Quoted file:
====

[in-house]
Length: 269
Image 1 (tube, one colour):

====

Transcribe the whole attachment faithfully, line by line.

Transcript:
[in-house]
Length: 269
Image 1 (tube, one colour):